December 15: The Red Sox have officially announced the signing, designating infielder Jeter Downs for assignment in a corresponding move. Chris Cotillo of MassLive provides the breakdown of Yoshida’s deal, with features a $3MM signing bonus, $15MM salary in 2023 and $18MM salary in each subsequent season.
December 7: The Red Sox have made a big addition to their lineup, agreeing to terms with outfielder Masataka Yoshida. It’s reportedly a five-year, $90MM guarantee, and the deal does not contain any option provisions or opt-out clauses. The Japanese star had just been made available via the posting system this week, but the Sox struck quickly with a record-setting contract offer.
Yoshida lands the loftiest guarantee of any position player making the jump from Nippon Professional Baseball to the majors. The record was just set last spring by Seiya Suzuki, who inked a five-year, $85MM deal with the Cubs. Perhaps not coincidentally, Yoshida will edge past that by a million dollars annually.
It’s a massive gamble for the Red Sox, but one they’re prepared to take to add much-needed outfield help. Yoshida has been one of the more accomplished hitters in Japan for the past few seasons. He’s appeared in NPB for the last seven years and carries a career .327/.421/.539 line. The left-handed hitter has reached base in more than 40% of his plate appearances in each of the past six seasons, and he topped a 1.000 OPS for the first time in 2022. Yoshida hit .335/.447/.561 through 508 trips to the dish this year.
The 29-year-old has shown exceptional bat-to-ball skills in Japan, walking more often than he’s struck out for four straight years. This past season’s marks were especially impressive, as he had nearly twice as many free passes as punchouts. Yoshida walked at a massive 15.7% clip while fanning in only 8.1% of his plate appearances. He surely won’t be expected to maintain rates quite that impressive in MLB, where the quality of pitchers’ repertoires is more consistent. Yet the Red Sox are confident he’ll carry over much of that elite on-base ability, presumably as a top-of-the-lineup option for skipper Alex Cora.
The plate discipline is Yoshida’s primary attribute, but he also brings a fair bit of extra-base pop. Despite being listed at just 5’8″, he’s topped 21 home runs in four of the last five years, and he’s collected over 20 doubles five years running. He’s never reached 30 longballs in a season, although he’s consistently been a threat for 20+ homers in Japan.
Suzuki had a stronger track record from a power perspective, twice topping 30 homers and blasting 38 during his final NPB season. Suzuki didn’t have Yoshida’s elite plate discipline metrics, though, posting roughly equal strikeout and walk numbers for his final two years. Yoshida brings a different profile than Suzuki will, but the Red Sox are clearly of the opinion he’ll immediately step in as an above-average offensive performer at the MLB level. Suzuki, for what it’s worth, did immediately find success — hitting .262/.332/.433 in his first season in Chicago.
Yoshida will have to perform at the plate to be productive, as he doesn’t offer much defensive value. He’s generally viewed as a left field-only player at the MLB level. That had been a key area of need for Boston, which entered today with Jarren Duran atop the depth chart. The former top prospect has only a .219/.269/.354 line in 335 MLB plate appearances over the past two years. He’ll be bumped into fourth outfield duty or back to Triple-A Worcester, and it stands to reason the Sox could at least consider the possibility of dealing Duran to add MLB help elsewhere on the roster.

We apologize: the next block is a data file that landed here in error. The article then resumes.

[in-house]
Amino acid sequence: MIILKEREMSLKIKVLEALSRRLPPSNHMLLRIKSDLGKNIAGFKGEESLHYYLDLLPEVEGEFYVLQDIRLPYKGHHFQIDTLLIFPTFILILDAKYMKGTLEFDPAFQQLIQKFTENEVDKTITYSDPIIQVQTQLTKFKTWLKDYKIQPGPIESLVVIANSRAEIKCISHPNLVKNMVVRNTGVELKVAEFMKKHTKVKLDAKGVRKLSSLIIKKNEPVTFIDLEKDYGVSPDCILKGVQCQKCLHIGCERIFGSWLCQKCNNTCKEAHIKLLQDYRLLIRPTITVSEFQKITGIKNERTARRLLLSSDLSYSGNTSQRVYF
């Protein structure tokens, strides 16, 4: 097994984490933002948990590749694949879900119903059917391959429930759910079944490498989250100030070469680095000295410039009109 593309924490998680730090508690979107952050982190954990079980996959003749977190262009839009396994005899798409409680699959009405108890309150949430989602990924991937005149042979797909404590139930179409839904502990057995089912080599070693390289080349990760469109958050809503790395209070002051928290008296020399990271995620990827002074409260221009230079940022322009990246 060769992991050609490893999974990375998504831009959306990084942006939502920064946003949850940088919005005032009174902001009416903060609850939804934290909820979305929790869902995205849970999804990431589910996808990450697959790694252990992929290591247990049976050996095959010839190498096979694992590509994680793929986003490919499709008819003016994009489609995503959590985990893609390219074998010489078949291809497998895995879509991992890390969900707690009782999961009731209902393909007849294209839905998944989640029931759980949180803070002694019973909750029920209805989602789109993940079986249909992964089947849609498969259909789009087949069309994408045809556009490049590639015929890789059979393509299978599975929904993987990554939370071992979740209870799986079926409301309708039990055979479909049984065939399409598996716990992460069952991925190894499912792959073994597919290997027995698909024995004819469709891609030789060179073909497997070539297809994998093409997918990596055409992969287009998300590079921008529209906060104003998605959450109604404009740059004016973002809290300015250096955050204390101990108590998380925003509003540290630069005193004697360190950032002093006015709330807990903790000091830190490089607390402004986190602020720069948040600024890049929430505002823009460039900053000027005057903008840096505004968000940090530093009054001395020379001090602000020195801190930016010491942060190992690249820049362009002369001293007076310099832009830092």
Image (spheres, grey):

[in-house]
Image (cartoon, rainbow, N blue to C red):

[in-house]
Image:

Boston’s investment goes beyond the contract value, as they’ll also owe compensation to the Orix Buffaloes. Under the MLB – NPB agreement, an MLB team that signs a player who’d been posted owes a fee to the player’s former NPB team. That’s dependent on the value of the contract itself, with the posting fee coming out to 20% of the contract’s first $25MM, 17.5% of the next $25MM and 15% of any additional dollars. On a $90MM guarantee, that comes out to a $15.375MM payment to the Buffaloes. Overall, the Red Sox’s investment tallies $105.375MM.
The specific financial breakdown has yet to be reported. An even distribution of $18MM annually would bring the Sox’s estimated 2023 payroll commitments around $175MM, per Roster Resource. The $18MM average annual value brings the team’s luxury tax commitments to around $195MM. They’re still well shy of the $233MM base tax threshold and their estimated $207MM Opening Day payroll from this past season.
Boston’s certainly not done, and it’s possible they finalize another major contract in the coming days. Reports this morning suggest there’s growing momentum between the Sox and Xander Bogaerts, lending some optimism they could retain the four-time All-Star. Beyond the middle infield, areas like catcher and the back of the rotation stand out as potential targets for chief baseball officer Chaim Bloom and his staff moving forward.
Yoshida’s signing subtracts another outfielder from the open market. Brandon Nimmo is the top player remaining, while Andrew Benintendi, Jurickson Profar and Michael Conforto are options at lower tiers. Teams like the Yankees, Blue Jays and Mariners reportedly had interest in Yoshida. All three have been searching for solutions in the corner outfield and will have to look elsewhere if they’re to land a lefty-swinging outfielder.
Jeff Passan of ESPN was first to report the Red Sox and Yoshida had agreed to a five-year deal worth north of $85MM. Jon Heyman of the New York Post was first to peg the guarantee at $90MM. Alex Speier of the Boston Globe reported the deal contained no options or opt-out clauses.
Image courtesy of USA Today Sports.